Nevus Mole Birthmark
Our Services: Toronto Nevus (Mole, Birthmark) Removal
What is Nevus (Mole, Birthmark)?
A nevus is a dark spot on the body caused by clusters of overactive coloured skin cells. Sometimes there is also hair protruding from the nevus. It is more colloquially known as a mole or birthmark, and usually appears after birth anywhere on the body. Sometimes, these nevi may develop into skin cancer, so it is important to regularly monitor any changes to it. The risk of a nevus turning cancerous is related to its size, colour, location and shape. Your doctor would be best at determining if a nevus is vulnerable.
You can typically recognize a nevus from its much darker colour compared to the surrounding skin. Variations on nevi include the size, the presence or absence of hair, regular or uneven borders, or a texture that can feel either smooth or flaky. Make sure you and your family doctor regularly monitor your nevus, and report any changes to it such as bleeding, colour change, inflammation, itching, ulcerations, pain, or a change in size and texture.
The ABCs for the signs and symptoms of skin cancer (melanoma)
If your skin lesion or mole exhibits any of the following traits, you should go and see your doctor who would be able to correctly assess whether it is malignant or be able to send you to a specialist who can.
Asymmetry – the skin lesion is not round and symmetrical
Border – the border of the lesion is uneven
Colour – the lesion has multiple colours including brown, black and/or tan
Diameter – the size of the mole is larger than 6mm
Enlarging – the lesion is rapidly growing in size
As a precaution, you or your doctor might measure the mole and/or take pictures of it every year to check if it is increasing in size. A sudden size increase could indicate that the mole has turned into skin cancer, and it would need to be excised if it had. A skin biopsy, where a section of the mole is removed for testing, could also help to determine if there are any cancer cells present.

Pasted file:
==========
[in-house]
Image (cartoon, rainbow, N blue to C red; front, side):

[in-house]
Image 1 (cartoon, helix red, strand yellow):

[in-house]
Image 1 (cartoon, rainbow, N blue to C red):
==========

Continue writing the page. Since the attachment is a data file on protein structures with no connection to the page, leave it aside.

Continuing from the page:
Usually, no treatment is needed if the nevus is not changing and your family doctor does not consider it to be harmful. Careful monitoring and the use of strong sunscreen when outdoors are sufficient preventative measures. However, if your doctor thinks that it may pose a cancer risk, or if it is causing emotional issues because of its appearance, then surgery is an option. Lasers and dermabrasion are also alternative treatment options, but these may not remove the root of the mole and would also make it more difficult for a doctor to detect skin cancer. Multiple treatments of laser or dermabrasion may also be necessary to achieve the desired result.
The surgical procedure to remove a smaller nevus is quite easy. The surgery itself would typically take approximately 15 minutes. Local freezing would be used, and about 20-30 minutes would be added to the surgery time to allow for the freezing to set in. However, because of the local freezing, the patient would be fit to drive home afterwards. Once the specimen has been excised, it will be sent to a lab to be tested for any malignancy. Stitches will be needed, and will typically be removed 5-14 days later, depending on the size and location of surgery. Redness is normal even after the stitches have been taken out, but after 4-6 months the scar should be hardly visible. There should be minimal to no pain after the local freezing has worn off, but Tylenol Extra Strength can be taken if there is.
The risks of excising a nevus are very rare but can include infection, suture reactions, bleeding, bruising, and scarring. Please speak to your doctor about any medications you are taking and if you have had abnormal scarring (keloids or hypertrophic scars) in the past.
Unfortunately, the surgery to remove a benign nevus is not covered by OHIP. A consultation with Dr. Hong is recommended to find out the exact price for your procedure. Without a referral from your family doctor, an $80 consultation fee will be required, but it will be applied towards the cost of the surgery. There is no additional fee for follow up appointments such as the removal of sutures.
Nevus: Before Treatment
Nevus: After Treatment